Monday, 8 April 2013



Difficulty walking, blurred vision, slurred speech, slowed reaction times, impaired memory: Clearly, alcohol affects the brain. Some of these impairments are detectable after only one or two drinks and quickly resolve when drinking stops. On the other hand, a person who drinks heavily over a long period of time may have brain deficits that persist well after he or she achieves sobriety. Exactly how alcohol affects the brain and the likelihood of reversing the impact of heavy drinking on the brain remain hot topics in alcohol research today.
We do know that heavy drinking may have extensive and far–reaching effects on the brain, ranging from simple “slips” in memory to permanent and debilitating conditions that require lifetime custodial care. And even moderate drinking leads to short–term impairment, as shown by extensive research on the impact of drinking on driving.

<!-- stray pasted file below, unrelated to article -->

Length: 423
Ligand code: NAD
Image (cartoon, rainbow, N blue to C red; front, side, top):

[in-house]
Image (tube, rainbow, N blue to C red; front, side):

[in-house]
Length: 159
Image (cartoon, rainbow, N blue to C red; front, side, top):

A number of factors influence how and to what extent alcohol affects the brain (1), including

    * how much and how often a person drinks;
    * the age at which he or she first began drinking, and how long he or she has been drinking;
    * the person’s age, level of education, gender, genetic background, and family history of alcoholism;
    * whether he or she is at risk as a result of prenatal alcohol exposure; and
    * his or her general health status.

This Alcohol Alert reviews some common disorders associated with alcohol–related brain damage and the people at greatest risk for impairment. It looks at traditional as well as emerging therapies for the treatment and prevention of alcohol–related disorders and includes a brief look at the high–tech tools that are helping scientists to better understand the effects of alcohol on the brain.

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